The Case for Wide-Scale Debt Relief

The Case for Wide-Scale Debt Relief

Student loans, medical debt, mortgage payments, rent, and municipal debt should all be reduced or eliminated outright.


Even before Covid arrived, total household debt in the United States had reached a record-breaking $14 trillion, the result of decades of stagnating wages and slashed social services. The pandemic only reinforces the reality that mass indebtedness is a structural problem, the result of a system that forces people to borrow in order to make ends meet, rather than of poor individual choices. Millennials, in other words, are not drowning in student loans because of a collective penchant for avocado toast.

The only sensible solution is a policy of generous cash payments coupled with wide-scale debt relief. Research shows that people spent 30 percent of their 2020 stimulus checks to service debt, which means the government’s cash transfers were, in the end, a rather roundabout way of bailing out creditors—an absurd and wasteful outcome, given the profitability of the financial sector and the damage it has done to society as a whole. Student loans, medical debt, mortgage payments, rent, and municipal debt (that held by city and local governments) should all be reduced or eliminated outright. There are strong ethical and economic arguments for doing so.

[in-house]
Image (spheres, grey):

Consider student loans. The Debt Collective, a union for debtors I helped found, has been leading the fight for full abolition on the moral ground that everyone should be entitled to free, quality higher education. At the same time, canceling all federal student debt would boost the economy by up to $108 billion a year, add up to 1.5 million jobs annually, and help close the racial wealth gap.